Audio Transcript:

Carol Hills: Egypt's not happy about the US decision this week to freeze aid to the military-run government especially now that it's facing an Islamist insurgency in the Sinai. That's the region that borders Gaza and Israel. The Egyptian Army has launched a campaign there to root out what it calls "terrorists" but civilians have also become targets.

Nadine Marroushi: What I found was pretty shocking. I found a lot of civilian homes coming under attack. I found that a woman had been killed, a child had been injured.

Hills: That's reporter Nadine Marroushi. She recently visited Northern Sinai and wrote about it for Slate Magazine. I asked her to describe the Sinai and why it's such a critical area.

Marroushi: It's largely made up of vast swaths of desert land. It's very agricultural. There are olive farms everywhere, citrus farms. When you talk to people there, when you ask them what their source of livelihood is they'll say "farming." I went to Bedouin's farms where they grow olives and clementines, etcetera, but also made up of hills’¦

Hills: Is it generally a poor area; a poor part of Egypt?

Marroushi: Yes. Very underdeveloped. It's one of the least developed areas in Egypt, especially compared to South Sinai. South Sinai is a beach and tourist haven for many people. A lot of people will be familiar with Sharm el-Sheikh. Dahab, where they go to these lavish hotels, diving, it's really built up. Whereas North Sinai is very poor. In fact, large parts of Arish looked like refugee camps that I had visited in Palestine.

Hills: And significantly, Sinai borders Gaza Strip and Israel, doesn't it?

Marroushi: Yes, exactly. And that plays a huge part in the geo-politics, in the politics of the area, in what's going on there. To understand what's going on in Sinai you really need to understand the fact that Gaza is under siege, the fact that about ten percent of the population of North Sinai are originally Palestinian and the fact that Israel occupied the Sinai Peninsula for 15 years until the signing of the peace agreement between Egypt and Israel in 1979.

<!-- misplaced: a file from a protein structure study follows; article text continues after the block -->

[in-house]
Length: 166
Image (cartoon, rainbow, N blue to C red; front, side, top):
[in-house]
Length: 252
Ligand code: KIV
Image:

Hills: What spurred this recent military incursion into Sinai to rid if of militant elements? What was going on there?

Marroushi: The army and police have been coming under increased attack since General Abdel Fatah al-Sissi ousted Egyptian President Mohamed Morsi in July. At least 100 police and army officers have been killed since July 3rd according to the military. A large part of these attacks have come from Sinai-based militant groups.

Hills: What changed after the revolution in Northern Sinai?

Marroushi: What changed is that, whilst there was heavy police presence in North Sinai under Mubarak - and again that was a large part, a large source of, the tensions, heavy-handed security crackdowns, tortures, arrests under Mubarak. After the revolution, as the police force was defeated across a large part of the country, then people had freedom to roam about, to move about within North Sinai. A lot of Bedouins say how they couldn't even move between one town to the next under Mubarak. Whereas now, or at least before this Sinai campaign, you can move about much more freely.

Hills: What's the attitude towards the Egyptian government at this point in North Sinai?

Marroushi: From the people that I spoke to which, I spent 3 nights and 4 days in two villages, [Speaks{Arabic}] and in Arish. These are villages and towns that are very close to the borders of Gaza and Israel, and I interviewed about 30 people. So, across the spectrum from people who supported the army to people who were sympathetic to the Brotherhood, Muslim Brotherhood, I didn't hear anyone say a good thing about the way the army was conducting this operation. Everyone was complaining about the level of unprofessionalism and violations. People are afraid. People on the ground are really afraid because they're caught between two sides. The army, that have air forces, that can send bombs, that are bombing houses, and that have ground troops to burn and bomb houses. And then you've got militant groups who are threatening, who have sent out threats through their statements saying if anyone sides with the army we will kill them. People are kind of caught in between and they don't want to help the army in fear of the militants and they don't want to help the militants in fear of the army. So many people were crying out for help saying "who do we turn to? We have no one to turn to. The state is against us." And that was the feeling on the Ground.

Hills: Nadine Marroushi is a freelance journalist. She's just back from Sinai. Nadine, thank you for your time.

Marroushi: Thank you.